A feature on Time.com shared the results of a study conducted by a group of scientists led by Dr. Kerry Ressler of Emory University. The study sought to understand the differences in the ability of people to recover from the trauma associated with violent attack, or violence witnessed in combat zones; those who are unable to recover from these experiences suffer from flashbacks, depression, and other symptoms of post-traumatic stress disorder.
Dr. Ressler and his team conducted a study of 64 traumatized civilian patients at the Grady Memorial Hospital in Atlanta. The focus of their research was a hormone-like molecule called pituitary adenylate cyclase-activating polypeptide, or PACAP. The molecule is known to have an effect on the response to stress at the cellular level.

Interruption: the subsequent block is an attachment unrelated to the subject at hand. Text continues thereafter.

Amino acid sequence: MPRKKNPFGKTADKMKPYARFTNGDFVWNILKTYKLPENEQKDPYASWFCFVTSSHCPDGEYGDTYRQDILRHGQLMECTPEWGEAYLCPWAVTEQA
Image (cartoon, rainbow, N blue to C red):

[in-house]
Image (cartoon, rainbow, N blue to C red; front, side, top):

The scientists determined that PACAP was present at higher levels among patients who suffered from PTSD, when compared against those who did not. In addition, they were also able to determine that as blood levels of PACAP increase, so does the severity of PTSD symptoms.
After the scientists split the data by gender, however, they observed that the link between PACAP and PTSD was only significant among women. This prompted the design of a follow-up study at the same hospital, this time consisting only of traumatized female patients. ABC News reported: “Again, PACAP levels correlated with PTSD symptoms — especially those considered essential for a diagnosis of PTSD: intrusive flashbacks, avoidance of trauma reminders and increased startle response.”
Dr. Ressler and his colleagues wrote the following: “These data may begin to explain sex-specific differences in PTSD diagnosis, symptoms and fear physiology.”